Trading Ticket Gets $4M From Thiel’s Valar Ventures, Citi, Launches Instant Trading Tool Trade It

Finance technology has been one of the more lucrative areas in the world of disruptive startups, with companies picking up billions of dollars in private investment; and, by Goldman Sachs’ estimates, on track to grab $4.7 trillion of revenues away from established financial players. Now, make way for one more new entrant hoping to make its mark in fintech.

Trading Ticket, a startup based out of New York, wants to develop a suite of products that will help consumers become more active, and proactive, investors. It has closed a $4 million seed round as it gears up to officially launch its first product, a mobile-friendly securities trading tool called Trade It.

While Trade It is just getting off the ground, the funding in Trading Ticket is notable in that it is coming from two key names in the fintech world: Valar Ventures, the investment fund started by PayPal co-founder and top VC Peter Thiel; and Citi Ventures, the investment arm of the Citi banking group. (Prior to this, the company had raised an undisclosed amount in angel funding from Newfund, and was largely bootstrapped it tells me.)

Trading Ticket’s three co-founders have equally notable backgrounds. CEO Nathan Richardson has led a number of finance and content businesses, including WayWire, Yahoo Finance, AOL and others. Serge Kreiker is formerly of Bloomberg, and Gaspard de Dreuzy is a co-founder and CEO of doctor house call app Pager. The latter two are also co-founders of Kapitall.

Trading Ticket has wide ambitions. The idea is to develop a series of mobile and desktop products covering all manner of financial transactions: apps to help people open accounts; access credit; place orders for shares and communicate with each other and their financial service providers.

Trade It, the first product, will focus on the third of these areas. It’s an API-based service that lets people place orders for trades instantly and securely directly on third-party sites, apps or Twitter.

It works by linking up mentions of a company name, ticker symbol or shortened URL with order tickets that connect with a users’ brokerage accounts, letting them place orders on the fly. It also will mark the first time that an ETF (exchange trading fund, or a marketable security that tracks an index, a bond, a commodity or a basket of assets) can be traded directly without the need to go through a registered investment adviser.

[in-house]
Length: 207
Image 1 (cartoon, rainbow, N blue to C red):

Trade It will make money in three ways, Richardson says: by way of transaction revenue and taking a fee per order; marketing sponsorships (essentially ad units that will run in the trading order ticket); and technology licensing fees.

Early partners for Trade It will include financial mobile apps Stock Tracker, Stocks Live, Rubicoin, and Invstr; and it’s also working with Benzinga, MarketWatch, The Motley Fool,, VETR and ARK Invest for ETFs. Richardson says that the partnerships for the service will all be launching October 1. While the tech works both on desktop and mobile, to date, early usage of the service has seen some 80% of all orders placed via mobile devices.

Like e-commerce APIs that let you buy items directly from places where you are talking or reading about them online, the idea here is to bring the process of trading directly to the places where you are already going to read and act on business news. In a way, given Richardson’s background across both finance and content, it’s not really a surprise to see him working on a product that brings the two together.

“Trade It solves the three most difficult problems in mobile trading,” said Richardson in a statement. “Speed to trade for users, order volume for brokers, and a direct monetization opportunity for publishers who don’t want the conflict of becoming a broker-dealer.”

While there have been a lot of new services launched that take advantage of online and mobile innovations to cut down the time for certain financial services — online banking possibly being one of the most widely used — services focused on consumers and how they trade has seen relatively little development.

“Trading Ticket is the first financial technology company to integrate mobile trading seamlessly into online publishing platforms,” said Ramneek Gupta, Managing Director and Co-Head of investing at Citi Ventures, in a statement. “We’re excited to add them to our portfolio of investments that enable banking to come to the customer, empowering them to act anytime and anywhere.”

(More specifically, Richardson tells us that after a user registers with the service, Trade It does not hold credentials for desktop use. “We hold user name based on publisher preference,” he notes. To make the trade on desktop, users need to enter a password, the amount of the order and then confirm to place the order. On mobile, he notes that some apps will let users store their broker credentials on iOS using TouchID, but users will still need to enter the order, number of shares and confirm with TouchID.)

As part of the investment round, Andrew McCormack of Valar and DLJdirect founding CEO Blake Darcy are joining Trading Ticket’s board, with Gupta coming on as a board observer.

“Trading Ticket’s technology position, seasoned leadership team, and strong reception with both established and new financial services players is impressive,” said Valar’s Andrew McCormack in a statement. “We believe the global opportunity for integrated, mobile trading is very promising and Trade It is well positioned to capitalize on its most valuable areas.”